Colliding Worlds—A Rare Visit to the CERN Collider Gives a Biologist New Hope

LHC StefNearly 170 meters beneath CERN, ASCB Executive
Director Stefano Bertuzzi gets a rare look at the Large
Hadron Collider. Here he stands in front of the detector.
Photo Credit: ASCB
Last week, I was invited to speak about research and innovation at an Aspen Institute meeting in Geneva, Switzerland, held at the Conseil Européen pour la Recherche Nucléaire, better known to the rest of the world by its acronym, CERN. Like all Aspen Institute meetings, this one flew at a high level, and, needless to say, it was an exhilarating experience.


Watching Train Wrecks

trainIt’s full steam ahead for disaster or will the
brakes stop the runaway fiscal crisis train in time?
Photo by John Fleischman
Along with the future of U.S. research science, the train wreck metaphor has suffered terribly in recent days. Politicians and pundits had already twisted the metaphor during the federal government shutdown into a cliché about bad stuff happening that's someone else's fault. Now with the edge of the fiscal cliff in clear sight, the expression will likely be crushed in the wreckage.


UPDATED-NIH Furloughs to Widen—From Slowdown to Shutdown, U.S. Science Takes a Hit

Drosophila melanogasterThe USDA is closed and no U.S. orders for international fruit
flies can be processed until the government is back in business.
Photo Credit: André KarwathU
UPDATED—The "Activation Energy" blog has learned that NIH will soon be forced to furlough even more Bethesda employees. SEE BELOW

When I saw the federal government shutdown heading inexorably toward us three weeks ago, I discussed with Kevin Wilson, the ASCB Public Policy Director, the idea of organizing a press conference to protest the further damage that a government shutdown would inflict on science. All along, I was hoping we would not have to do this and that reason will somehow prevail in Congress. Then I thought, "Reason? Congress?" We made a reservation for a meeting room at the prestigious National Press Club in Washington, DC, where news happens.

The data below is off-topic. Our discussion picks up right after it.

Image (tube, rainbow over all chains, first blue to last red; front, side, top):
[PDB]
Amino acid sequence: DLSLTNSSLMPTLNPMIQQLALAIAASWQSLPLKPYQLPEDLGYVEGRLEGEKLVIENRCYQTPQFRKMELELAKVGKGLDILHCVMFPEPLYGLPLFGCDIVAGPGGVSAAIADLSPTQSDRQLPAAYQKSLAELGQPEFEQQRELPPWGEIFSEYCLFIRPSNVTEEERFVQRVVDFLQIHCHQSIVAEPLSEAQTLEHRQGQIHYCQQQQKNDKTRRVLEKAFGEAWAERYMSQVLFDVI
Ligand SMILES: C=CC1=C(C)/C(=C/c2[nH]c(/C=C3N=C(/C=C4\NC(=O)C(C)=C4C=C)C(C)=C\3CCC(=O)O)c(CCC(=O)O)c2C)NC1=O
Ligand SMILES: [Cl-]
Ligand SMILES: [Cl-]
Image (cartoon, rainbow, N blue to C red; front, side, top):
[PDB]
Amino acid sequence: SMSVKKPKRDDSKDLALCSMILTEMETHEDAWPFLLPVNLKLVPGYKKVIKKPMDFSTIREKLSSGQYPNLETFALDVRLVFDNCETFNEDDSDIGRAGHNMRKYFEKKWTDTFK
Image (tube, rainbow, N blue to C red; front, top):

The Scholarly Paper That No One Will Want to Read Is Being Written in Congress

quality of lifeSpelling It Out: Spending on basic research has increased
our longevity and the quality of that longer life.
Photo Credit: John Fleischman
This week, a paper in the American Journal of Public Health, a well-respected scholarly publication in the field, caught my attention.1 The paper reported how health economists, using well-validated instruments, examined the state of population health in the United States and how population health changed from 1987 to 2008. They took into consideration not just mortality and morbidity, but also quality of life, which is an essential measure of health in developed countries like ours.


Showing the Faces of Science

weareresearchIn 2011, the Nobel Foundation awarded its prize of prizes to cell biologist, immunologist, and longtime ASCB member Ralph Steinman. When the foundation tried calling to deliver the good news, no one picked up the phone. Dr. Steinman had died three days before. A tireless researcher who identified and named dendritic cells, Steinman championed an unpopular theory about the immune system that turned out to be right. His death just days before this worldwide public recognition was unbelievably sad and unfortunate. But when I read of it, an idea came to me immediately of how a tragic situation like this could be turned into something fitting and something powerful.


Why Congress Should Be Worried About the Endoplasmic Reticulum

Morphogenesis in biology always fascinated me. As a developmental neurobiologist at the bench, I studied how homeobox genes patterned the neural epithelium, the retina in particular, to understand the events that turn a flat sheet of epithelium into a three-dimensional hemisphere, the optic cup. Since I came of age scientifically during the “genetic revolution” era, I was mesmerized by the ability of that technology to alter the mouse genome and allow me to watch powerful genes operating in vivo. However, I also had at the back of my mind an idea for a different if complementary approach to genetics. I envisioned a new kind of theoretical modeling that could take into account the physical forces acting on single cells while shaping a developing tissue. In particular, when imagining the retina’s formation, I always thought of the role of mechanical forces on cells, bending the epithelium sheet into an optic cup, and how this must be achieved with the lowest possible energy consumption.


The Perils of Reviewing Peer Review

As a recovering federal employee, I recognize that one of the biggest challenges the government faces in funding science is that of being truly Darwinian in a rapidly evolving scientific environment. Engineering natural selection doesn’t come easily to government funding agencies, which are often playing with one hand behind the back.

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